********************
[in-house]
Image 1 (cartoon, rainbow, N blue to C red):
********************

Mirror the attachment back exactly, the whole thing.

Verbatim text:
[in-house]
Image 1 (cartoon, rainbow, N blue to C red):